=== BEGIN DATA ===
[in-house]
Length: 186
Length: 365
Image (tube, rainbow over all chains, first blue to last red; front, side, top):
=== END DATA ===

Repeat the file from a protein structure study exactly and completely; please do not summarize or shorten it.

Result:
[in-house]
Length: 186
Length: 365
Image (tube, rainbow over all chains, first blue to last red; front, side, top):